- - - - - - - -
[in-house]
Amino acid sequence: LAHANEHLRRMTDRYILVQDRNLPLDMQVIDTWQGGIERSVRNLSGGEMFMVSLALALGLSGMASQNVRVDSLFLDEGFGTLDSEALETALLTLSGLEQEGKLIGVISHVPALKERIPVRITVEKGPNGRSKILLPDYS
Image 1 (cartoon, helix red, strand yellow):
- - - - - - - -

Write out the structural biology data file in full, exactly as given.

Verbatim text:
[in-house]
Amino acid sequence: LAHANEHLRRMTDRYILVQDRNLPLDMQVIDTWQGGIERSVRNLSGGEMFMVSLALALGLSGMASQNVRVDSLFLDEGFGTLDSEALETALLTLSGLEQEGKLIGVISHVPALKERIPVRITVEKGPNGRSKILLPDYS
Image 1 (cartoon, helix red, strand yellow):